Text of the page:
Boots Riley Calls Spike Lee’s ‘BlacKkKlansman’ a ‘Fabricated’ Pro-Cop Story: ‘Really Disappointing’

“Sorry to Bother You” filmmaker voices sharp critique of Lee’s new “based on a true story” joint

"BlacKkKlansman" / Cannes Film Festival

“Sorry to Bother You” director Boots Riley has taken to Twitter to voice his many political objections to Spike Lee’s “disappointing” new movie “BlacKkKlansman.”

“This is being pushed as a true story and it is precisely its untrue elements that make a cop a hero against racism,” Riley wrote in a three-page essay about the film, based on the true story of an African American undercover police officer who infiltrated the Klu Klux Klan in the 1970s.

“It’s a made up story in which the false parts of it to try to make a cop the protagonist in the fight against racist oppression,” Riley wrote. “It’s being put while Black Lives Matter is a discussion, and this is not coincidental.”

“BlacKkKlansman” is based on Ron Stallworth’s memoir about his experience as the first black cop in Colorado Springs — a book which, Riley noted, was “published by a publisher that specializes in books written by cops.”

“We deal with racism not just from physical terror or attitudes of racist people, but in pay scale, housing, health care and other material quality of life issues,” Riley wrote. “But to the extent that people of color deal with actual physical attacks and terrorizing due to racism and racist doctrines — we deal with it mostly from the police on a day to day basis. And not just from White cops. From Black cops too. So for Spike to come out with a movie where a story points are fabricated in order to make Black cop and his counterparts look like allies in the fight against racism is really disappointing, to put it very mildly.”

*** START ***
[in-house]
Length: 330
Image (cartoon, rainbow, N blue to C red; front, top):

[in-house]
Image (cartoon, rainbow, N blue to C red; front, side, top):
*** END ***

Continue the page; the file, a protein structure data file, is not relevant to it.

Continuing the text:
Riley also objected to the way in which Lee took liberties with the facts laid out in Stallworth’s memoir, creating new characters and plot points that he said amplified the heroic status of the law enforcement figures, including Stallworth himself (played by John David Washington in the film).

Lee shares a writing credit on “BlacKkKlansman” with his “Chi-Raq” writing partner Kevin Willmott, David Rabinowitz, and Charlie Wachtel.

“Spike Lee has been a huge influence on me,” Riley notes at the beginning of his essay, but he criticizes his filmmaking mentor for softening his positions after being a vocal critic of the NYPD and police brutality in the past.

“Many folks now know that Spike Lee was paid over $200k to help in an ad campaign that was ‘aimed at improving relations with minority communities,’” Riley wrote. According to the Wall Street Journal, the nonprofit New York City Police Foundation paid Lee’s Spike DDB agency $219113 in consulting fees to help create TV ads to promote neighborhood policing.

Riley concluded, “Whether it actually is or not, ‘BlacKkKlansman’ feels like an extension of that ad campaign.”

Spike Lee, NYU Grad Film School tenured professor, has no comment.

A rep for Lee tells TheWrap, “Spike Lee, NYU Grad Film School tenured professor, has no comment”

Read Riley’s post below.